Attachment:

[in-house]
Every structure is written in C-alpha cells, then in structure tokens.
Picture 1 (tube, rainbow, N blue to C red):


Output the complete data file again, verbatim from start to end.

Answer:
[in-house]
Every structure is written in C-alpha cells, then in structure tokens.
Picture 1 (tube, rainbow, N blue to C red):